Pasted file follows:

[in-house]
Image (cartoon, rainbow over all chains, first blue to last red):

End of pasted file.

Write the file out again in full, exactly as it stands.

[in-house]
Image (cartoon, rainbow over all chains, first blue to last red):